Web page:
The non-waiver Trade Deadline remains July 31, though there is a strong argument to be made for pushing it back someday, given that the dual-Wild Card system presumably keeps more teams in the postseason hunt for a longer percentage of the season.
Then again, the way this season is playing out, we might have plenty of sellers to make for an active July swapping season. And while nobody knows exactly how it'll play out, it's worth making a few educated guesses at this early juncture:
If the Phillies trade Cliff Lee, they won't get much for him.
Clifton Phifer is as tantalizing a trade prospect as they come. He's one of those rare guys who can reshape a pennant race upon midseason arrival. By several statistical measures (2.55 ERA, 157+ adjusted ERA, 1.007 WHIP), he's pitching about as well now as he has at any point in his career, despite a dip in velocity.
That said, the talk of the Phils trading Lee is pretty premature, and not just because of the number of clubs on his no-trade list. Whether or not you believe in the Phils as a lasting contender (consider me skeptical), they are hovering in the vicinity of .500, and in the dual-Wild Card era, that's enough to have a pulse.
Besides, to trade Lee, the Phillies might have to absorb a significant amount of the roughly $15 million he's still owed this season and/or the $62.5 million he's guaranteed through 2015. The only reason you would do such a thing would be to reap a haul of prospects. But the Phillies know all too well how that's worked out in past Lee deals.
The full list of players acquired by the Indians, Phillies and Mariners in trades involving Lee since July 2009 is as follows: Carlos Carrasco, Jason Donald, Lou Marson, Jason Knapp, J.C. Ramirez, Tyson Gillies, Phllippe Aumont, Justin Smoak, Josh Lueke, Blake Beavan and Matthew Lawson.
Combined Major League WAR for those players, according to Baseball Reference: 5.2.
Lee's WAR value in that time span: 22.4.
Not that the 34-year-old Lee will continue at that rate or be worth the staggering sum he's owed. But the case of the Brewers, who turned up Jean Segura in the Zack Greinke deal last summer, is more exception than rule. When you give up an ace, it's hard to get commensurate value in return.
The Marlins will deal an impactful player.
And no, it won't be Giancarlo Stanton, though his return to their lineup this week will spark yet another round of speculation and supposition.
Ricky Nolasco is the guy I'm talking about, and he'll be impactful if for no other reason than he could be on the move within the next few weeks, giving him ample time to assist a contending club's rotation.
I know, I know. The thought of the Marlins dumping a veteran player is hard to fathom. But this would make all the sense in the world. Nolasco is in the final year of his contract, he's pitching increasingly well (2.17 ERA over his last four outings) and the Marlins have Nathan Eovaldi coming back soon from a shoulder injury.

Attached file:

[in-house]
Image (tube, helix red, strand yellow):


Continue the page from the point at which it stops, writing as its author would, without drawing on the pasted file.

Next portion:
Heck, Nolasco asked to be dealt last winter, only to be denied. It's no secret he'll get his wish eventually, and probably soon.
Andre Ethier will be in the bargain bin.
The Dodgers have the financial muscle to swallow their mistakes, and it's hard not to view their six-year, $95.95 million extension with Ethier through 2017 as a mistake. The only way they'll be able to move him and get anything in return would be to eat a lot of that money. That would be a bold move on the part of the Dodgers, but certainly no bolder than last August's bartering with Boston. Yasiel Puig is, of course, the man prompting this conversation.
Most likely, given the injury woes of Matt Kemp and Carl Crawford, it's a conversation the Dodgers can avoid addressing until next winter. But that won't stop you from hearing Ethier's name quite a bit in the rumor mill in the coming weeks.
The Astros will get younger.
That might not even seem physically possible, but Jeff Luhnow will make it happen. Ancient 28-year-olds Bud Norris and Lucas Harrell could both wind up on the block as potential rotation aides, giving the Astros yet another opportunity to inject young talent into their system, preferably without breaking any child labor laws.
Relief will be hard to come by.
The Deadline always causes a ruckus, but it's usually something somewhat low-profile -- such as the addition of a setup option out of the 'pen -- that has the biggest impact in the grand scheme. After all, true championship contenders need finishing touches and not total remodel jobs.
Trouble is, the relief market this summer has the potential to be pretty thin. And with several elite teams -- the Tigers and Braves among them -- possibly on the hunt for relief arms, that poses a problem. A potentially pricey problem, at that.
As far as closers go, you'd imagine the Astros would listen on Jose Veras. The Indians probably would have listened to offers for Chris Perez if out of contention at the Deadline (and recent play is not encouraging), but Perez's recent personal issues don't exactly help his stock. With the Brewers fading, lefty Mike Gonzalez and right-handers Francisco Rodriguez and John Axford stand out as potential trade bait. The Marlins' Mike Dunn could be another southpaw solution out there. Veteran lefties Scott Downs (Angels) or Darren Oliver (Blue Jays) could probably be had, too.
Not a lot of great options to be had here, but the Trade Deadline rewards creativity. And with the Draft in the rearview, GMs will turn their full creative attention toward the swap market.